According to former chief minister Omar Abdullah, those who are demanding a debate on the special status accorded to Jammu and Kashmir are 'playing with fire' as the issue is linked to the state's accession to India.
His remarks came after Attorney General K K Venugopal recently told the Supreme Court that the NDA government wanted a "larger debate" on Article 35A which provides special rights and privileges to the people of Jammu and Kashmir.
"How can you debate special status of Jammu and Kashmir without debating accession? You can't. They are two sides of the same coin. J-K acceded to India on the special status that was granted to it," Omar said.
He said the BJP needs to understand that the outfits which are bringing this up are "playing with fire".
"It's these sort of steps that glamorise Azaadi," he said at the event 'Understanding Kashmir', hosted by social group 'BRIEF'.
"We have been consistent on the fact that the accession of J-K to India has been final. We have been consistent that whatever solutions we want to find, we want to find them within the four walls of the Constitution," he said.
Referring to former Prime Minister Atal Bihari Vajpayee's statement that one can change friends but not neighbours, he said a "positive and constructive" engagement with Pakistan is a necessity to find a solution to the Kashmir problem.
Blaming the Centre for the "shrinking" of political space for mainstream parties in Jammu and Kashmir, Omar said it has become popular to blame Pakistan for everything that is happening in the state.
"It's not just mainstream players in Jammu and Kashmir who are responsible for what is happening. The Union of India is responsible, whether it was the UPA or the NDA government.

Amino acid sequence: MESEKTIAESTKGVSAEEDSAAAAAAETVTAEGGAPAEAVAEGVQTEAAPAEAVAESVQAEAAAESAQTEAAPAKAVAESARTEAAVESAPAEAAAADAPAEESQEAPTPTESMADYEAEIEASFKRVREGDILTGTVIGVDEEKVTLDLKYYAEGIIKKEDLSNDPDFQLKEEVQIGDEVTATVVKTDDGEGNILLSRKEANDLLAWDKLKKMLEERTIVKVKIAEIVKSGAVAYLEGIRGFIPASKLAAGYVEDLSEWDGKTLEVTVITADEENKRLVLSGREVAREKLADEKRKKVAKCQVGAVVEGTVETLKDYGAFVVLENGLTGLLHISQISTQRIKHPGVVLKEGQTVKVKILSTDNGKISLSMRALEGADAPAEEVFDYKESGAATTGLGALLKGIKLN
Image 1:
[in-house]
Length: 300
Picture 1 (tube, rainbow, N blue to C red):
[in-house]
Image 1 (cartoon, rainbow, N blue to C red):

It's popular to blame our neighbour for everything that is happening in the state but it is not true," he said.
The former chief minister said while the country knows that Pakistan fishes in troubled waters, "we also know that they are not the creators of the agitations we have seen in 2008, 2010 or 2016".
There is a fair amount of blame to be shared across the board, he said. "Who you want to blame and how much for, depends on which side you are sitting on."
Omar said the erosion of political space this time has been far more rapid than it has been in recent years and cited the state government's failure to conduct an election in south Kashmir.
"This is the first election in J&K that the Hurriyat conference has won, because since 1996 they have been saying that elections should not take place. There should be a boycott. Elections should be disrupted. On the back of the protests, you cancelled that election and handed victory to them," he said.
Omar said it was not just the political space of the regional parties that has shrunk, "even the ability of the government of India and the Election Commission has shrunk to the point that you put your hands up and walked away".
He also said he was shocked at the logic being offered for the Armed Forces Tribunal's decision to grant bail to five army personnel convicted in the 2010 Macchil fake encounter case.
"I'm shocked at the logic that's being given. That they were wearing Pathan suits and that they cannot be treated as civilians, I'm sorry, I'm wearing one. Am I not a civilian?" he asked.
The Armed Forces Tribunal had suspended the life sentence awarded to the Army personnel, including two officers, for allegedly staging the killing of three Kashmiri men in Macchil and granted them bail.
Omar also spoke on the reports that Zakir Musa was heading Al-Qaeda in the Kashmir Valley, saying that there was nothing new about it.
"The largest militant group operating in the Valley today is still the Hizbul Mujahideen (HM) and it's predominantly made of Kashmiri youngsters and their aim is political. Their aim is to remove J&K as a part of India. Their aim is not Musa's Al-Qaeda-driven aim," he said.
Musa is not a new phenomenon, Omar said.
"You have given him the name of Al-Qaeda. But people coming and fighting in the name of religion have been doing it since the mid-90s when Pakistan found that their ability to galvanise support from local Kashmiris on a political slogan wasn't working.
"They tried to give the slogan of jihad to attract other nationalities. What were Lashkar-e-Taiba, Jaish-e-Mohammed and others? They were religious-driven organisations. So today Zakir Musa is an extension of that," he said.